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I went down on Rampart, didn't even mean no harm, when the police walked up, caught me by my arm - Charles Lacy, Rampart Street Part 2

Author Topic: Recreation v. Creation or Interpretation  (Read 12493 times)

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Offline markm

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Re: Reproduce or Interpret?
« Reply #45 on: January 20, 2008, 07:41:15 AM »
I think you have to keep in mind there are two elements to the music.  Vocals and accompaniment.  I think even if we exactly reproduce the accompaniment note for note there is still the element of the vocals.  For most of us that is going to be very different then the original Country Blues record.  This harkens back to an earlier discussion we've had here about vocals, and whether you should sing in your own voice, accent, etc or should try to reproduce the recorded vocals or some approximation of it.

I think there is a time and a place for both but I think in a performance situation people don't want to hear a "correct cover" but yet your own take on the song, especially if it is one that is pretty widely familiar.

This is a great subject for discussion.

Mark

Offline dave stott

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Re: Reproduce or Interpret?
« Reply #46 on: January 20, 2008, 07:54:02 AM »
Hi all

I have been struggling with this with myself for a while.

There are times when I want the tune that I am playing to sound exactly like Big Bill, Rev Gary, Blind Boy Fuller.

There are also times when I want to emulate the variation played by Hot Tuna, Roy Book Binder, Dave Van Ronk, etc...

In the end, I invariably end up sounding like a mixture of all of the above combined with my own techniques.

Dave


Offline Rivers

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Re: Reproduce or Interpret?
« Reply #47 on: January 20, 2008, 08:19:13 AM »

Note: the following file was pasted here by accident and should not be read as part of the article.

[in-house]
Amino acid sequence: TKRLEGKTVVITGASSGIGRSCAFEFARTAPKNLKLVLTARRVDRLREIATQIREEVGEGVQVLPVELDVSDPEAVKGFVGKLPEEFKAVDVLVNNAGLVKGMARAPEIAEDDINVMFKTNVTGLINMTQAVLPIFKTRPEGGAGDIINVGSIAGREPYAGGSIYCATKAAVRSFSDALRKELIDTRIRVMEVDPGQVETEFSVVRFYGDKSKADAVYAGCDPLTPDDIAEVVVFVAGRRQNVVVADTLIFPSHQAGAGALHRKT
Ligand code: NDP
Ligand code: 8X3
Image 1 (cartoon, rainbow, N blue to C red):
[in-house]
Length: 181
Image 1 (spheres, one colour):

Ah the 'Hamlet' thread again. As in 'To be, or not to be, that is the question'. Hamlet was screwed because he couldn't accept the two exist quite happily side by side.  ;D

It's relevant, particularly if you want to be an 'artist' and get out there, play, sing and make a name for yourself, but it's kinda moot, or mute  ;). Performers want/need to differentiate themselves and hope the public likes the difference so they can, among other things, get a crowd and sell 'product'. Nobody will ever sound exactly like the original, and at the same time everybody will always sound a little like the original, more or less.

Such thoughts have absolutely no bearing on my playing and never will, I'll always sound like me even if I play some passage note for note. As for concepts often ascribed to blues like sincerity, emotion, feeing... honestly if you met a real blues person and asked them about such stuff most wouldn't know what you're talking about. Though they may embody it to the listener, it's an illusion. If you feel such emotion though I say 'go for it'!

When you're 'on', you're 'on', period. The trick is being 'on' more often than not. That has nothing to do with consciously trying to be or not be something. Such thoughts are liable to get in the way. The mind has to be clear to play well, and that's where it starts for me, in the mind. It can then work its way down to my gut if I'm playing well and generating a good bio-feedback loop. As in 'I sound good, which makes me feel good, which makes me play better, which makes me feel even better, which...' and so on.

Having said that I can consciously dial-in a copy of some stuff. To do so I have to stop my fingers doing things outside that frame. This is a really good exercise especially if you rate the original player's musical taste more than your own inclinations and bad habits. Surely you do rate them highly since you're trying to learn from them. I do this a lot when I'm learning a new piece or copping licks. But once I have it down I know I'm going to change it slightly, throw it into all kinds of places it's never been.

I'm no Hamlet, I'm a 'to be and not to be' guy. I embrace both and believe I'm limiting myself if I lock-in to one or the other. True individuation is not achieved by thinking about it.
« Last Edit: January 20, 2008, 08:50:51 AM by Rivers »

Offline Slack

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Re: Reproduce or Interpret?
« Reply #48 on: January 20, 2008, 08:35:02 AM »
Quote
and even then it's kinda moot, or mute   ;).

Thank you former English teacher - I've corrected.  ;)

Offline NevadaPic

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Re: Reproduce or Interpret?
« Reply #49 on: January 20, 2008, 09:12:57 AM »
Fellas,

Thanks for the thoughts.  I wasn't sure if I was going to be 'toasted' for bringing it up or not.  I guess in hindsight it is a moot question, certainly in my case anyways.  I should have dug a little deeper in the 'archives', I didn't realize that this had already been covered.  Thanks Andrew for pointing me to the original thread and 'Hi!' back at ya!